Final suspect in Canada mass stabbings dies from self-inflicted injuries after being run off the road by police

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The final suspect in the recent mass stabbings in and around a Canadian reserve has died from self-inflicted injuries, an official has said.

Myles Sanderson, 32, was found near the town of Rosthern, in the central Saskatchewan province, as officers responded to reports of a stolen vehicle being driven by a man armed with a knife, the Royal Canadian Mounted Police (RCMP) said.

Officers rammed Sanderson’s vehicle off the road into a ditch, and he was taken into custody, but went into what a spokeswoman described as “medical distress”.

This combination of images shown during a press conference at the Royal Canadian Mounted Police "F" Division headquarters in Regina, Saskatchewan, on Sunday, Sept. 4, 2022, shows Damien Sanderson, left, and Myles Sanderson. Authorities identified the pair, who are presently at large, as suspects in a series of stabbings in two communities in the Canadian province of Saskatchewan that left multiple people dead and others wounded. 
Royal Canadian Mounted Police/AP
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Myles Sanderson had been fleeing from police at almost 100mph in a stolen vehicle when he was arrested. Pic: Royal Canadian Mounted Police, Saskatchewan

He was taken to hospital, but died shortly afterwards.

“All life-saving measures that we are capable of were taken at that time,” commander of the RCMP, assistant commissioner Rhonda Blackmore, said.

She gave no details on the cause of death, but an official, who spoke on condition of anonymity, said Mr Sanderson died of self-inflicted injuries, without giving any further details.

Video and photos from the scene showed a white SUV off to the side of the road with police cars all around.

More on Canada

Ten people were killed and 18 injured after the attacks in and around the James Smith Cree Nation, an indigenous community in the central Saskatchewan province, on Sunday.

Ten victims remain in hospital, three of them in a critical condition.

At a press conference confirming Myles Sanderson’s death, Ms Blackmore said she had been to visit James Smith Cree Nation, home to nine of the ten victims, and said many of them had “witnessed incredible trauma”.

Police and investigators gather at the scene where a stabbing suspect was arrested in Rosthern, Saskatchewan on Wednesday, Sept. 7, 2022. Canadian police arrested Myles Sanderson, the second suspect in the stabbing deaths of multiple people in Saskatchewan, after a three-day manhunt that also yielded the body of his brother fellow suspect, Damien Sanderson.(Heywood Yu/The Canadian Press via AP)
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Police and investigators gather at the scene where Sanderson was arrested

“Many people haven’t slept,” she said. “They told me, ‘every time I close my eyes, I hear noises’.

“I hope this gives them some sense of closure, and that they can rest easier tonight knowing Myles is no longer at large.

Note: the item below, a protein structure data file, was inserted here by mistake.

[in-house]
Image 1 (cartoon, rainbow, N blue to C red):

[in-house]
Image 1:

“I hope now they are able to start healing.”

Brian Burns, the husband of Bonnie Burns and father of 28 years old Gregory Burns, who were killed at James Smith Cree Nation, attends a news conference with photographs of them, in Saskatoon, Saskatchewan, Canada, September 7, 2022. REUTERS/Valerie Zink
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Brian Burns’ wife Bonnie and son Gregory were killed in the attacks

Hundreds of police officers undertook an extensive manhunt for suspects, Myles and his brother Damien Sanderson, who had fled the crime scenes.

Damien was found dead in a grassy area of James Smith Cree Nation on Monday, with injuries police said were not self-inflicted.

Myles Sanderson, who officers described as armed and dangerous, remained on the loose until Wednesday afternoon and police are investigating if he killed his brother.

The stabbing rampage on Sunday was one of the deadliest attacks in Canada’s modern history.

Police said some of the victims appeared to have been deliberately targeted, while others were attacked at random.

Officers have not revealed a possible motive, but a statement from an indigenous group from the province suggested the stabbings could be drug-related.

But Ms Blackmore said: “Unfortunately now that Myles is deceased we may never have an understanding as to that motivation.”

Annie Sanderson comforts her granddaughter, who was close with Gloria Lydia Burns, 62, who was killed on James Smith Cree Nation after a stabbing spree killed 10 people on the reserve and nearby town of Weldon, Saskatchewan, Canada. September 5, 2022. REUTERS/David Stobbe
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Friends of victims at James Smith Cree Nation console each other

Violating parole

Questions are beginning to be asked about why Myles Sanderson – with 59 convictions and a long history of violence – was out on the streets.

The 32-year-old was released by a parole board in February while serving a sentence of more than four years on charges that included assault and robbery. But he had been wanted by police since May, apparently for violating the terms of his release.

Canadian public safety minister Marco Mendicino said there will be an investigation into the parole board’s assessment of Sanderson.

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